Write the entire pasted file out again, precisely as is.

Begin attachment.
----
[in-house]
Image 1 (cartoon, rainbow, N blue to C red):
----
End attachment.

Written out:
[in-house]
Image 1 (cartoon, rainbow, N blue to C red):